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Patient Instructions
Name of Patient:

Sarah Wood 20F

Description of the patient & instructions to simulator:
You are 25 yr old Sarah Wood. Your mum made the appointment & is waiting outside in the reception
area because she is worried that you have lost a lot of weight whilst being away at university.
Your first year has just finished and you're home for the holiday. It has been a hard year: you feel
like you have struggled to fit in and make friends. You feel they dont want to be friends with you
because you are fat. You cant think of any other reason. They all seem so thin and happy. You
want to be like them and fit in. You also think you cant get a boyfriend because of this.
It all started because you thought if you lost some weight and improved your fitness, things would
change for the better as you would be healthier & could maybe make friends along the way. But each
time you stepped on the scales and realized you had lost weight, you felt a buzz of excitement &
wanted to lose more. On the TV they are always saying how we all need to lose weight to be healthy.
Also because you are relying on a student loan, you did not have much spare cash for food so it made
financial sense to cut down. Like this for a while but worse for a few months

At present a normal day consists of an apple for lunch and something small for dinner like cereal, as
long as there is not anyone around to watch. You dont know how much you have lost as you wont
weigh yourself until you are thin enough.

You do not have any problems with nausea/vomiting/swallowing/indigestion/tummy pain. You do not
suffer from extreme thirst & you do not urinate more than anyone else. You open your bowels twice a
week, depending on what you have eaten. You are not sleeping well at present and your mind seems
to be consumed with thoughts of food. Your periods are getting more and more irregular.

Your mum has always been over protective. She has started making bigger meals since you got back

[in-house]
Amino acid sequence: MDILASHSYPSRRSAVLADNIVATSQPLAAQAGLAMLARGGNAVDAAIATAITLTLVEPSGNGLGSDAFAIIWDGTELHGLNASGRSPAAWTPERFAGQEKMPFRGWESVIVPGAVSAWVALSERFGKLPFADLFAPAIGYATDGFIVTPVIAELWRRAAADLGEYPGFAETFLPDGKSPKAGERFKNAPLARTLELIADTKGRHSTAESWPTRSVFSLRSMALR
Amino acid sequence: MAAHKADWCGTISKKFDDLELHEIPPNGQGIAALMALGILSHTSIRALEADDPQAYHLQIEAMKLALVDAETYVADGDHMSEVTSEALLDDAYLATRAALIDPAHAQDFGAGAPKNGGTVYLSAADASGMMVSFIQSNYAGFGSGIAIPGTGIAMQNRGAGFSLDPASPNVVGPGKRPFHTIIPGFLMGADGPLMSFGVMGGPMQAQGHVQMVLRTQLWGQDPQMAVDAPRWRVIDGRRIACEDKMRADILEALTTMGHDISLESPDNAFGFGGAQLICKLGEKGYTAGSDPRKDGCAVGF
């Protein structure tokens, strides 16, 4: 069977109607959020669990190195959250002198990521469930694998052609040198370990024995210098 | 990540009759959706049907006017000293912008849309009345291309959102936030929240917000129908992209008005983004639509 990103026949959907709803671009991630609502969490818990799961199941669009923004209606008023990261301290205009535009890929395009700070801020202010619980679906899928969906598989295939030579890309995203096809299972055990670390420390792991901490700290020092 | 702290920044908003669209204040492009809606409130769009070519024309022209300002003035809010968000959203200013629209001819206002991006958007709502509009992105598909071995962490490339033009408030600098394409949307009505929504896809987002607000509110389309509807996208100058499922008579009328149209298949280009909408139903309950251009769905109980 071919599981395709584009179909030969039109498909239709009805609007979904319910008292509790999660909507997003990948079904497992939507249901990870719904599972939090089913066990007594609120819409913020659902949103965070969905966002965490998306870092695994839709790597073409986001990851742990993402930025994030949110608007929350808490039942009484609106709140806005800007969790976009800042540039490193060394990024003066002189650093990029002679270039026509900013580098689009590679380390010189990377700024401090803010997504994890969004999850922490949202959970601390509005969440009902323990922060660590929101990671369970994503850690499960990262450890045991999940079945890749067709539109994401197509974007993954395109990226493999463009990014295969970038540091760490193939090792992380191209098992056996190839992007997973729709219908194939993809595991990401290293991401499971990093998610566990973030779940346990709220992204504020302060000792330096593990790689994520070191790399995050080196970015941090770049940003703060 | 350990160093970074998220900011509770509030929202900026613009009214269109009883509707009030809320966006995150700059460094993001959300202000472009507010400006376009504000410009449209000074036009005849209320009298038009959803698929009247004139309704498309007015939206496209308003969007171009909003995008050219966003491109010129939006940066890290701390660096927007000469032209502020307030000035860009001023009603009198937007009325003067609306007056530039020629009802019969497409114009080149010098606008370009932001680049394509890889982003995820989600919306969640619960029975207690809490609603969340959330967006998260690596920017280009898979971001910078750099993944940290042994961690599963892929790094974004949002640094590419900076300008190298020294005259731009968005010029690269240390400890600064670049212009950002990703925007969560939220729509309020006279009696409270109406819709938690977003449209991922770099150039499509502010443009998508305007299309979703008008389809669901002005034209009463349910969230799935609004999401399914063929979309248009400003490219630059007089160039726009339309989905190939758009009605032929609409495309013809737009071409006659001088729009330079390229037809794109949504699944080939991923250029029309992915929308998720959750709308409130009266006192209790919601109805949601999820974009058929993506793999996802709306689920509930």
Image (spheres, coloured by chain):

and has been watching to make sure you are eating. This has caused arguments.

Ideas - Isn't it normal to want to be thin & healthy? Mum always over exaggerates.

Concerns A part of you is a bit worried though because one thing that you have noticed is that you
feel more tired now than you have ever been before and you dont know why this is. It does not make
sense. Part of you wonders if mum has a point: are you doing harm to yourself?

Expectations Ideally to be able to reassure Mum that there is nothing to worry about. If the idea of an
eating disorder is broached, then become tearful but then acknowledge that might be possible but that
you had never thought about it that way. You would like a follow up appointment to discuss how to
tackle this with the same GP within the near future.

If the doctor does not engage with you in an empathetic manner, show your dissatisfaction by looking
away and avoiding eye contact.

Doctors (GP ST) Instructions

Name & age of patient
Sarah Wood, age 25
Summary Card
This 25 year old medical student comes to you after her mother has arranged an appointment for her.
She is attending alone.
PMHx; IBS, Anxiety, Headaches
Meds; Microgynon 30
8 months ago; Pre-university vaccinations
12 months ago; Pill check. BP 105/65, BMI 20, Never smoked
18 months; IBS. Normal full blood count and U&E's. Started on mebeverine


Patient Name:

Examination findings:

Exam findings
Appears pale and thin BMI 17
Abdomen soft, non-tender
BP 110/65
Pulse 52bpm regular
If asked - BM 3.8

CSA Case Marking Sheet
Case Name: Sarah Wood Case Title: Eating disorder
Context of case
Ability to manage primary care contact
with a patient with eating disorder
Developing and maintaining a relationship
and a style of communication that
makes the patient feel comfortable and
is not patronising.
Acquiring knowledge of the patients
relevant context, including family, social
and psychological factors.

Assessment Domain:
1. Data-gathering, technical and assessment skills

Positive descriptors:
Clarifies the problem and nature of the
decision required.
Identifies physical, social and
psychological problems associated with
an eating disorder.
Takes appropriate dietary history
Takes social history and assesses social
Assesses risk of co-existing physical or
psychological problems.
Negative descriptors:
Makes immediate assumptions about the
Intervenes rather using appropriate
expectant management
Is disorganised/unsystematic in gathering
Does not discover patients reasons for
Does not assess mental state
Does not take dietary history
Fails to appreciate physical conquences of
Fails to explore social situation
Assessment Domain:
2. Clinical Management Skills

Positive descriptors:
Offers appropriate and feasible